I have also been working on what has happened to the rivers in Ghana due to illegal mining. To actually see a main river come to a standstill because of our actions is quite a devastating experience, especially if you have grown up playing in rivers and streams as a child and accustomed to the sound and feel of the water.

ID: How did water help you make sense of the East Riding? And can you, talk about the different water sources that you have encountered?

NO: It is interesting that the East Riding is so alive because of all these rivers and streams that are going through it and even the agricultural canals that link it all up. There is just so much energy that is coming from the waters in East Riding. We started with the North Sea, the beauty of the light on the Sea is something spectacular. Then it carries me into the inland waters where one of the first stories is the Gypsy race. I think first the name was striking, and two the history behind it and the different histories of it, because one person has a story here and another there. Another waterscape is Top Hill Low, a large area that has been designated as a natural reserve for wild species, the management is so critical to the point that even the glass they use in the buildings is such that it does not reflect, so there is a lot of thoughtfulness in setting up the space. This, of course, counters what is happening outside the reserve, where capitalism thrives and exerts a lot of influence on challenging the wild.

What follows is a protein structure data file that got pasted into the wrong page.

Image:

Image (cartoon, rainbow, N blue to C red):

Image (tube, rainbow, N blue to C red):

ID: Why have you chosen to use an eight by ten format to capture your work?

NO: One was that England has the privilege of being one of the first places that modern photography evolved from, especially using the silver process. On the other side, there was this need to slow down and help the world slow down. We have this digital phenomenon that is taking place at the moment where everything is about newness which is exhausting.

I have always shot with film and so how can I tie the environmental concern to the historical, and I think that is what the eight by ten does. It also allows me to eliminate as much technology as possible. Environmentally I wanted to look for nontoxic ways or the least toxic ways of production. I have coated paper with salt, applied silver nitrate, which also comes out from the ground, and set the images using beeswax.

You also have to become very patient to the process, which means you become very much aware of your own physicality in the space and how your body will translat e and anticipate the landscape. A productive day doesn’t have to end up in me taking a picture, as it may just be an acknowledgement of what I have or have not seen.

ID: You are also interested in using sound in the project, what have you been doing with audio?

NO: When I go to places and I am photographing, I am inspired by the sounds around me to make the photograph. For this project I have been recording the rivers as they run, as they flow through different spaces, the environment around the rivers. I have been recording the sea and its relationship with the sand and the surf. I also went on a barge in Goole, and I did all these recordings on the river Ouse, the boat going through the water, and recording from inside the vessel.